|Big Island Community Coalition's goal is to lower electric rates.|
The steering committee includes two members of the state Board of Agriculture, Richard Ha, of Hamakua Springs Country Farms, and Michelle Galimba, of Kuahiwi Ranch in Ka`u.
|D. Noelani Kalipi|
Advisors to the coalition are state House of Representatives Energy Committee chair Denny Coffman, who is running to represent Ka`u in the November election; Don Thomas, of UH geology schools at Manoa and Hilo; and Robert Rapier, an energy expert who lives in Kamuela.
Richard Ha wrote yesterday on his Ha Ha Ha! blog that “we have the best combination of renewable resources here on the Big Island and that the coalition “will proactively weigh in wherever electricity rates are involved.” He states that the fundamental problem with the State of Hawai`i’s Clean Energy Initiative is that “it does not require that the electric utility choose lower cost solutions. It does not take into consideration the rubbah slippah folks.”
|Kumu Lehua Veincent|
Regarding Hawai`i Electric Light Co.’s request for a 4.2 percent rate increase, Ha writes: “I’m sure there are reasons and justifications for the rate hike. But when will it end? We need to see a reversal in electricity costs. Why should the Big Island’s electricity rates be among the highest in the whole state, when we have all the resources here?”
See bigislandcommunitycoalition.com and hahaha.hamakuasprings.com.
Life of the Land, an environmental and consumer protection agency, said it plans to request intervention. Mayor Billy Kenoi also said the county plans to ask to participate. There is no deadline set for submitting testimony to the PUC.
The contract is available at puc.hawaii.gov/dockets. Docket number is 2012-0185.
|Jamae Kawauchi with her parents, David and Jamie, after|
she was named Hawai`i County Clerk in 2010.
County Council member Brenda Ford. Ford praised Kawauchi and her staff at yesterday’s meeting of the County Council. She said this morning they helped to achieve a more than 200 percent increase in absentee voter participation. “Jamae needs to be commended for the very hard work she and her staff have done,” said Ford.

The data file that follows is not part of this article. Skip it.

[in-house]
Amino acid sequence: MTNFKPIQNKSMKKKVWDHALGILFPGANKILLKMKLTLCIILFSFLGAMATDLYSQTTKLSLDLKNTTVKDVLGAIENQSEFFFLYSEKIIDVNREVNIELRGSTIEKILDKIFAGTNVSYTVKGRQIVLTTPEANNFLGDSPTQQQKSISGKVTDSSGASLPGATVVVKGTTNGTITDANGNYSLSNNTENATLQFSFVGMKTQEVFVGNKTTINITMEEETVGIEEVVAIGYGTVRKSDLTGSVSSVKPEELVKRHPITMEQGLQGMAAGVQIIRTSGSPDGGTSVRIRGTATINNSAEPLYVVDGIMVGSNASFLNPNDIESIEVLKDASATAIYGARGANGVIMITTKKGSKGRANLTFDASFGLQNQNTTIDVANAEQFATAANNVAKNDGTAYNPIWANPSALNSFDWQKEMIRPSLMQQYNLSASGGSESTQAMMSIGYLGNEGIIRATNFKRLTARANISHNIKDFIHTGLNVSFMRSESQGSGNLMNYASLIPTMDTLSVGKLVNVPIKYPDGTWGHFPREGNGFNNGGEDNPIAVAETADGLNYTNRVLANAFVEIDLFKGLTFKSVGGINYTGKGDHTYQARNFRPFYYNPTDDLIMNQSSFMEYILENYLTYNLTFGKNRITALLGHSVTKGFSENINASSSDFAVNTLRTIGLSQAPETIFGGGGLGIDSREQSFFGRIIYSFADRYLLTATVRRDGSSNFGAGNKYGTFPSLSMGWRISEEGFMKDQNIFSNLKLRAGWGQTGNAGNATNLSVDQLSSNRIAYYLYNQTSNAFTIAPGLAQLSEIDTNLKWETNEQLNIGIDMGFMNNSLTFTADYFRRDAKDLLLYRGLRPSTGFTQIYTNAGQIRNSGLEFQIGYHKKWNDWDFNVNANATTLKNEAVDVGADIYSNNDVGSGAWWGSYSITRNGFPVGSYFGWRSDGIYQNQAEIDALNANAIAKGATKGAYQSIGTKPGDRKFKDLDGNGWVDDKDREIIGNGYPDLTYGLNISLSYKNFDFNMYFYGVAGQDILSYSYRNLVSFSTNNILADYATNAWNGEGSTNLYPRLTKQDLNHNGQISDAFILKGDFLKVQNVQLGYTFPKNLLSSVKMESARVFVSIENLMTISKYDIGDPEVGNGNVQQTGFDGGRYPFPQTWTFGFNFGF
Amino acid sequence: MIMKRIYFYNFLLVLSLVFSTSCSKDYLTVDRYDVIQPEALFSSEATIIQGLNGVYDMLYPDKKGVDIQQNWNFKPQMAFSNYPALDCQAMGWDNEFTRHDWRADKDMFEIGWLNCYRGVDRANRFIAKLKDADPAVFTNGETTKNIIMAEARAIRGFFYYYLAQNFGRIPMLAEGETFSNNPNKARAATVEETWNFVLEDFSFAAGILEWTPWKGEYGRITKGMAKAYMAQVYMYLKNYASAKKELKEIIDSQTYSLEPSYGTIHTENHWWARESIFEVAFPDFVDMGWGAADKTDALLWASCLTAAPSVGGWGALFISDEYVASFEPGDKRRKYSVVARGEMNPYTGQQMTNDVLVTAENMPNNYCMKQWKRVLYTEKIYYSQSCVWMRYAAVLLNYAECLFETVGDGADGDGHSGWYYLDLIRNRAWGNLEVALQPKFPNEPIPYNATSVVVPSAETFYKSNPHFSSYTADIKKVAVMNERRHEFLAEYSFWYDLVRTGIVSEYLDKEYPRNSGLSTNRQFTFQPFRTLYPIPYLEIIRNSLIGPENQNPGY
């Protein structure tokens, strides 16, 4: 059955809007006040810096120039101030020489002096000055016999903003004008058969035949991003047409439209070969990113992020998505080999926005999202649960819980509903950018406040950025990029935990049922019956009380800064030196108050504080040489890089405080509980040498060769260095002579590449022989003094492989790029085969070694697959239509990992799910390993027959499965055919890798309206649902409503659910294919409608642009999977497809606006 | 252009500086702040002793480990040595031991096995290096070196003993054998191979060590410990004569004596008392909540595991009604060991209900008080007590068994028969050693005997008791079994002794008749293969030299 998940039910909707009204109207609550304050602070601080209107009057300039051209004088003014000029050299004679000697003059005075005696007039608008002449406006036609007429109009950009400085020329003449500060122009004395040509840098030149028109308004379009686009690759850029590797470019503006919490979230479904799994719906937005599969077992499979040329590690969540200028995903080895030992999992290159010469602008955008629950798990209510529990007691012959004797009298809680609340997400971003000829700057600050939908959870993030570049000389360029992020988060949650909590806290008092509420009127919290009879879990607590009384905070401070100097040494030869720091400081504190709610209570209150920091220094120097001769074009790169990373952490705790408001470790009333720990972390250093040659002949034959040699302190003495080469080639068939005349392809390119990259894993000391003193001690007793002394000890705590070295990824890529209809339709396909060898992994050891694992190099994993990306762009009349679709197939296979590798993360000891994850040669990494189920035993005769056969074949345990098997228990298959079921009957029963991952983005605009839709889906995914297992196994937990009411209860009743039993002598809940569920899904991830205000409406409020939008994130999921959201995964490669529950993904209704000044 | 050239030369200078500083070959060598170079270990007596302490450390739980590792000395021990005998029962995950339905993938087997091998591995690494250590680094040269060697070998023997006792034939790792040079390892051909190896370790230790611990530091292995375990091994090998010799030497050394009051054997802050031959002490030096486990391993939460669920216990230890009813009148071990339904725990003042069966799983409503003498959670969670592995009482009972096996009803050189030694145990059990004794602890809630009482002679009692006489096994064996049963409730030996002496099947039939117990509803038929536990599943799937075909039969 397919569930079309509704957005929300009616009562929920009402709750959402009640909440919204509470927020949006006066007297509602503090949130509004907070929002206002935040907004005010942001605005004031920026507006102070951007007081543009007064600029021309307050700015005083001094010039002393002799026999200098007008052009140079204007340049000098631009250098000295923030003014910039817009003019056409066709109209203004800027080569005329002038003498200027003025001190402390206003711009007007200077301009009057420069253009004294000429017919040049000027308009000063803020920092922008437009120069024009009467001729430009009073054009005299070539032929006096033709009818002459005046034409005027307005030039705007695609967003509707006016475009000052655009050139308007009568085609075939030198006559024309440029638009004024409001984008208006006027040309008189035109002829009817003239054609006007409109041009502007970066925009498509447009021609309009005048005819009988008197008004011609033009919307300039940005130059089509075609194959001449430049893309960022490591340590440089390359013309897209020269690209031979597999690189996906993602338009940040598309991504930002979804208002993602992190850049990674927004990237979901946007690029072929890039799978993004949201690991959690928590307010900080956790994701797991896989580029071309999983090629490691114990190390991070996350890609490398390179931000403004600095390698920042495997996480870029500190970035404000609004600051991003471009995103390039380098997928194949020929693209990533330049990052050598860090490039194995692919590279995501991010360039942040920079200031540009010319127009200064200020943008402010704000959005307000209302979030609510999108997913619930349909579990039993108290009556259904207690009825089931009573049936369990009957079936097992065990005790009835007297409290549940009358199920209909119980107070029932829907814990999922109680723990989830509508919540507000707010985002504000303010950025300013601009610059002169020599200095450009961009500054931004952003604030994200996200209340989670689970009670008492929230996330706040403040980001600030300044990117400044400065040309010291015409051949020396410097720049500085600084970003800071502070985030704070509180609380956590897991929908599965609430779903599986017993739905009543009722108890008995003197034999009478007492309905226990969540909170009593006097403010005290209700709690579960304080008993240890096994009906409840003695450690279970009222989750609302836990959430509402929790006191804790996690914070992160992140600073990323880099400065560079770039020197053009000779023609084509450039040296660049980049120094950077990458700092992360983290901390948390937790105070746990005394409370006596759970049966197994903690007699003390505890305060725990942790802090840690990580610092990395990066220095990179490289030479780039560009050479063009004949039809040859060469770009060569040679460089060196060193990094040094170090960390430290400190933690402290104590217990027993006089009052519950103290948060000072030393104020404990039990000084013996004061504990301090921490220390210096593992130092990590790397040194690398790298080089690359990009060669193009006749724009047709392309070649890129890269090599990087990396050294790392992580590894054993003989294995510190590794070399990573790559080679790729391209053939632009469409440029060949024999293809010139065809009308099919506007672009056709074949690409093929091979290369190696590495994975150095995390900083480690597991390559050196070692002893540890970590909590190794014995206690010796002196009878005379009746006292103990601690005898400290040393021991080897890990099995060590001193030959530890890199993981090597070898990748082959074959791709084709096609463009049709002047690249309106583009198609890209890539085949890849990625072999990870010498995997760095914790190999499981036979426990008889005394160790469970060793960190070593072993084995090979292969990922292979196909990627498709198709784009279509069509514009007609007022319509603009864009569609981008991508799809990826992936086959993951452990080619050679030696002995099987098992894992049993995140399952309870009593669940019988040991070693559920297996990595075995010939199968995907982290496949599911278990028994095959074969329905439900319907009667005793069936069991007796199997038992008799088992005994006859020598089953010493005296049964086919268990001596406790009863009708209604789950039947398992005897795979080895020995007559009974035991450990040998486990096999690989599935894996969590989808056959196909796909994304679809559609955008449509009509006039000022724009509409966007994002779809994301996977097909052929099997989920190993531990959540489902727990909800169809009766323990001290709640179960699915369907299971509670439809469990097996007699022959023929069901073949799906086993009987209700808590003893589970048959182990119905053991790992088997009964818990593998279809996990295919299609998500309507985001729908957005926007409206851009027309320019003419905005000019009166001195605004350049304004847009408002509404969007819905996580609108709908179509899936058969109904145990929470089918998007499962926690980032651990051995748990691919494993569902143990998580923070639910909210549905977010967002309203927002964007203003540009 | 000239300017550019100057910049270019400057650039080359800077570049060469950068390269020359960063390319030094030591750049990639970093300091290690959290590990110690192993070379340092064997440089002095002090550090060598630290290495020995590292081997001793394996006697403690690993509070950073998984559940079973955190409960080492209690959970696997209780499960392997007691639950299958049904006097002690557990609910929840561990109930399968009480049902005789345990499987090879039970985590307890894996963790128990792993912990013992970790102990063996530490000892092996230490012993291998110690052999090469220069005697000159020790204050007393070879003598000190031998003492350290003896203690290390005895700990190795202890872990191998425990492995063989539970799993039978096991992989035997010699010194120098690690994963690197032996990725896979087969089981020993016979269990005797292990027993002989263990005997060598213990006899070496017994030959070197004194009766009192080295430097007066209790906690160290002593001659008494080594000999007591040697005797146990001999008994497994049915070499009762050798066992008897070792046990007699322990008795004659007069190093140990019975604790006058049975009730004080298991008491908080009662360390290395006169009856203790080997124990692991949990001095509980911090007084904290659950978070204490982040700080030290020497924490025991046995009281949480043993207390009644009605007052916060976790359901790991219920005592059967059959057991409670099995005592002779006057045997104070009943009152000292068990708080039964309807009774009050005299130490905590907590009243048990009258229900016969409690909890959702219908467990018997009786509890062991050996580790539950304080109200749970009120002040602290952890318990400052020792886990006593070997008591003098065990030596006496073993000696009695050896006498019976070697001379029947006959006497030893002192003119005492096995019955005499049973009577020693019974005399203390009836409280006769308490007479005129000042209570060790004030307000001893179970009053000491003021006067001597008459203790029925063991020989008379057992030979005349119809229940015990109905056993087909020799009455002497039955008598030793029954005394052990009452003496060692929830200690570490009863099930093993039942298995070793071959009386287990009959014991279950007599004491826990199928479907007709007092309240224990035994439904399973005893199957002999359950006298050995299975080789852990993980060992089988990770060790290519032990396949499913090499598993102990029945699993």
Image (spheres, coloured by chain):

Ford pointed out the Kawauchi achieved an excellent return on sending out absentee voting registration forms in the mail. “With Direct Mail, Direct Response, the average return is only about two percent,” said Ford. Some industries are a little less; some are a little more. Jamae sent those out, and she got back over 14,000 – that is 14 percent response rate. This is unheard of – she is to be commended, both she and her staff,” said Ford.
Ford attributed the election-day problems to the recent redistricting, which went to court and held up preparations for the elections. She also said there were personnel issues and that most of the problems should be worked out by the general election in November. Ford pointed to comments by longtime county elections worker Ed Kuzo Hara, who spoke at the County Council meeting yesterday. He said that in order to have a smooth election, workers have to follow the plan, and everyone involved needs the support of their superiors, subordinates and the state office of elections.
BOYS & GIRLS CLUB OF PAHALA invites all interested parties to a community stakeholders event at Pahala Community Center tomorrow at 6 p.m. to talk about problems facing youth and how to share resources and create partnerships to better serve youth. “This event serves as an opportunity for the Boys & Girls Club to discuss the needs that we have with community members and connect with the resources that we need to function at a higher level,” said Dolly Kailiawa. RSVP by calling Kailiawa at 756-5285.